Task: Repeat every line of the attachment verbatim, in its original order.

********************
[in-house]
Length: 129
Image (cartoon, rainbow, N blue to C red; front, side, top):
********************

[in-house]
Length: 129
Image (cartoon, rainbow, N blue to C red; front, side, top):